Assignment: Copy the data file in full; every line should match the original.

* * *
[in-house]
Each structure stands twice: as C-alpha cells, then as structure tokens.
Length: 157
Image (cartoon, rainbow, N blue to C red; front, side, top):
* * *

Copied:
[in-house]
Each structure stands twice: as C-alpha cells, then as structure tokens.
Length: 157
Image (cartoon, rainbow, N blue to C red; front, side, top):